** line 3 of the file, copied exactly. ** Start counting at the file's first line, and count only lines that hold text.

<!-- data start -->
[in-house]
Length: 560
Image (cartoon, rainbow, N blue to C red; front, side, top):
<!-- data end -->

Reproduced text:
Image (cartoon, rainbow, N blue to C red; front, side, top):